Harmony Healthcare Blog

MDS Interviews: Is your Coding Accurate?

Posted by Kris Mastrangelo, OTR/L, LNHA, MBA on Thu, Jul 28, 2016

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Edited by Kris Mastrangelo

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Compliance • Audits/Analysis • Reimbursement/Regulatory • Education/Efficiency


Resident_interview.jpgThe decision to complete a resident interview or a staff interview is guided by coding in Section B0700. When coding the gateway question for each interview (which asks if the interview should be conducted) the assessor should only code a dash (not assessed) if the ability to interview the resident was not assessed.
  •  When Section B0700 is coded as a 3-Never or Rarely Understood the gateway question should be coded as a no, and the interviewer should proceed with the staff assessment.
  •  When the patient is coded as a 0, 1, or 2 in Section B0700 the interviewer should attempt the resident interview. All answered questions should be coded, and the assessor should follow the instructions for incomplete interview for each interview section to determine if the resident interview should be followed by a staff interview.

The first step in a successful interview process is to determine if the resident is capable of participating in an interview, or if the staff interview should be completed. The resident’s ability to participate is determined by Section B0700 (Makes Self Understood) of the MDS 3.0 Assessment. According to the RAI User’s Manual, how the patient makes himself or herself understood is defined on page B-6 as the following:

“Able to express or communicate requests, needs, opinions, and to conduct social conversation in his or her primary language, whether in speech, writing, sign language, gestures, or a combination of these. Deficits in the ability to make one’s self understood (expressive communication deficits) can include reduced voice volume and difficulty in producing sounds, or difficulty in finding the right word, making sentences, writing, and/or gesturing.”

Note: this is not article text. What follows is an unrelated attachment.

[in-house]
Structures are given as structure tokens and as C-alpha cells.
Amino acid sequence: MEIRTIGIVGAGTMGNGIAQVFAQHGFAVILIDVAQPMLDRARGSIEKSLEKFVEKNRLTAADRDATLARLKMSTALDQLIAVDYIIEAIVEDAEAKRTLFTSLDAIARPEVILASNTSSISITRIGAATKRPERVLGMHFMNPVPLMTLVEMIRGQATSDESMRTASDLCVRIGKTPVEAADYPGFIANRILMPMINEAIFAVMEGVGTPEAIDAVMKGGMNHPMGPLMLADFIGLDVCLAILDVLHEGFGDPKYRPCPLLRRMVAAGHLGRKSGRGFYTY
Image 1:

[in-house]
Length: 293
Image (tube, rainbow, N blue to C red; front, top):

The assessor is instructed to conduct the assessment using the resident’s preferred language, and to consult with staff who care for the patient across all shifts. The assessor is to observe and assess the patient directly, as well as observe and assess the resident’s interactions with others over all shifts. Based on these assessments, the patient can be coded as following:

  • Code 0, understood: If the resident expresses requests and ideas clearly.
  • Code 1, usually understood: If the resident has difficulty communicating some words or finishing thoughts but is able if prompted or given time. He or she may have delayed responses or may require some prompting to make him/herself understood.
  • Code 2, sometimes understood: If the resident has limited ability but is able to express concrete requests regarding at least basic needs (e.g., food, drink, sleep, toilet).
  • Code 3, rarely or never understood: If, at best, the resident’s understanding is limited to staff interpretation of highly individual, resident-specific sounds or body language (e.g., indicated presence of pain or need to toilet) (RAI User’s Manual, page B-7).
Click Here to Request a Free Five-Star Quality Measure Analysis with 5 New MeasuresResident interview is considered to be complete in the following circumstances:
  • Section C: